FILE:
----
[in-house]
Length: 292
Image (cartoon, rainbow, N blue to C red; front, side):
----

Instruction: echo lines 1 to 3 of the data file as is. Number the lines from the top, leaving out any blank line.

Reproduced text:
[in-house]
Length: 292
Image (cartoon, rainbow, N blue to C red; front, side):